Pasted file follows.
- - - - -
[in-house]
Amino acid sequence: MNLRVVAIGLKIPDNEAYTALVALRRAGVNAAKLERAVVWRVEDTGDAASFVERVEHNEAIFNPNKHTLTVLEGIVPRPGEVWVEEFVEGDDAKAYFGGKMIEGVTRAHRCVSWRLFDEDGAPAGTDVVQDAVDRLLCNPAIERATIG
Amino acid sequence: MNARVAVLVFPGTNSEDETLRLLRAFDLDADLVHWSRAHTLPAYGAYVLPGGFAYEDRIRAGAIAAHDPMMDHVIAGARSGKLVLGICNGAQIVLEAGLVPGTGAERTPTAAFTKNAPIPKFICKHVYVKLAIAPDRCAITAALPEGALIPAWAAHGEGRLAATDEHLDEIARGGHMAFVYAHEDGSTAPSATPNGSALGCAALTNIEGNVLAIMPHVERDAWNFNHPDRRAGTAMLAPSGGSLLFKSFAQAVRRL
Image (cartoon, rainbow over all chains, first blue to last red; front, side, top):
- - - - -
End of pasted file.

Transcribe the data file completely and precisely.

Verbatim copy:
[in-house]
Amino acid sequence: MNLRVVAIGLKIPDNEAYTALVALRRAGVNAAKLERAVVWRVEDTGDAASFVERVEHNEAIFNPNKHTLTVLEGIVPRPGEVWVEEFVEGDDAKAYFGGKMIEGVTRAHRCVSWRLFDEDGAPAGTDVVQDAVDRLLCNPAIERATIG
Amino acid sequence: MNARVAVLVFPGTNSEDETLRLLRAFDLDADLVHWSRAHTLPAYGAYVLPGGFAYEDRIRAGAIAAHDPMMDHVIAGARSGKLVLGICNGAQIVLEAGLVPGTGAERTPTAAFTKNAPIPKFICKHVYVKLAIAPDRCAITAALPEGALIPAWAAHGEGRLAATDEHLDEIARGGHMAFVYAHEDGSTAPSATPNGSALGCAALTNIEGNVLAIMPHVERDAWNFNHPDRRAGTAMLAPSGGSLLFKSFAQAVRRL
Image (cartoon, rainbow over all chains, first blue to last red; front, side, top):